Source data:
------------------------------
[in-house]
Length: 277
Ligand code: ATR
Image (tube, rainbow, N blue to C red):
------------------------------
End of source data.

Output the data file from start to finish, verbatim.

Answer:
[in-house]
Length: 277
Ligand code: ATR
Image (tube, rainbow, N blue to C red):